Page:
Harvard University's next president, Lawrence Summers, is characterised by friends as driven and energetic. Even his tennis game, they say, is aggressive.
The nephew of two Nobel prize winners in economics - Paul Samuelson and Kenneth Arrow -he completed his doctorate in economics at Harvard at the age of . At 28, he became the youngest professor to be awarded tenure at Harvard. By 38, he had received the John Bates Clark medal for economics and, at 44, he was named United States treasury secretary.
"His many admirers within and beyond Harvard know him to be someone of exceptional energy and creativity, someone who inspires people to do their best work," said Robert Stone Jr, chairman of the university's selection committee.
In Dr Summers, now 46, Harvard gets a proven administrator, comfortable in the halls of wealth and political power, who is also an academic. The main criticism of him is that he acted arrogantly when he was younger. He says he has matured and will run the school "collegially".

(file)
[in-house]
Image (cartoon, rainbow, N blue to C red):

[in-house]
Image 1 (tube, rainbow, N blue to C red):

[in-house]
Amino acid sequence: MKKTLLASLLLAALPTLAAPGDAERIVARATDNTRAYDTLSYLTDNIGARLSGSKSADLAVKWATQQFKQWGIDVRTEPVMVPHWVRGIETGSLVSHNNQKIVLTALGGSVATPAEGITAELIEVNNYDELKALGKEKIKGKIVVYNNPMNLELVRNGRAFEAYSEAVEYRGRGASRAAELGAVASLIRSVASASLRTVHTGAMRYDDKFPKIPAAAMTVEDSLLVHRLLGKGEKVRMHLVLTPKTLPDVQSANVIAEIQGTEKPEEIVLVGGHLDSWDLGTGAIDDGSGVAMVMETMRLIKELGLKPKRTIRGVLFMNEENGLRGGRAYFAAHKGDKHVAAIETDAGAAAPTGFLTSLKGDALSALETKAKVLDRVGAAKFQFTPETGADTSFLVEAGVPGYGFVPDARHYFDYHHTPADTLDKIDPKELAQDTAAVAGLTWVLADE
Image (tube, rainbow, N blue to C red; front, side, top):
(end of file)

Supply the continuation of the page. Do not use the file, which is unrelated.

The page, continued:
In 1991, Dr Summers became chief economist at the World Bank, he was appointed undersecretary of the treasury for international affairs in the Clinton administration in 1993 and he became treasury secretary, in 1999.
Dr Summers was born in New Haven, Connecticut, and spent most of his childhood in Penn Valley, a suburb of Philadelphia. He was educated in the Lower Merion public schools.
He and his wife, Victoria, a tax attorney, have ten-year-old twin daughters, Pam and Ruth, and a seven-year-old son, Harry.
Dr Summers has not yet specified what he plans to do at Harvard, which will continue to be run by Neil Rudenstine until July.